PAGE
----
5, Do not think you can go it alone.

It really is hard to commit yourself to doing what you need to do to get help. These days, we are all so busy. Both parents work, and there are more single parent households relying on only one income. Teenagers are involved in sports, getting their driving permits, there are proms to go to, it is endless. But, if ED gets control, none of that will matter in the long run because he can get such a grip on a person’s life that it will only get harder and harder to shake him off. Not only health,but lives are at risk.  No matter what it takes, rearranging work time, finding a therapist who has evening hours, getting into a program, the sooner you get help, the better. Check out the National Eating Disorders and Awareness site at NEDA for more information on eating disorders. Your teenager does not have power or control over what is going on with their eating or their body image. But you CAN help your teen by getting them help. Trust your instinct as a parent. If you think something is wrong, you are probably right.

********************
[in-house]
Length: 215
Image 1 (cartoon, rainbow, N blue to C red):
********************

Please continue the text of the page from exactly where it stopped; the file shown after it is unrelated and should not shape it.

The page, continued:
You might wonder why I chose the beautiful photo at the beginning of this post. It is from a kayak trip down the Connecticut River, off the town of Essex. To me it symbolizes what I have learned an eating disorder is to many patients: it is something they turn to in order to deal with something else in their lives. It is a “life preserver” such as those thrown into a river when someone can’t swim.They need to learn to swim before they can let go. But there is so much to look forward to, like the beautiful sunset in the distance. They will get there.

Weight Watchers: The Good, The Bad and The Ugly